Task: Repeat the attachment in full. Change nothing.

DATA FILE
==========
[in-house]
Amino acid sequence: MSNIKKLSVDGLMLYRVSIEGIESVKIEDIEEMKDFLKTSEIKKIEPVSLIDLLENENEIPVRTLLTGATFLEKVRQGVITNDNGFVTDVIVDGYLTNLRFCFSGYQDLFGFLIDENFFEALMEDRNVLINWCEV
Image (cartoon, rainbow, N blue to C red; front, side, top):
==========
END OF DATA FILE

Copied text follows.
[in-house]
Amino acid sequence: MSNIKKLSVDGLMLYRVSIEGIESVKIEDIEEMKDFLKTSEIKKIEPVSLIDLLENENEIPVRTLLTGATFLEKVRQGVITNDNGFVTDVIVDGYLTNLRFCFSGYQDLFGFLIDENFFEALMEDRNVLINWCEV
Image (cartoon, rainbow, N blue to C red; front, side, top):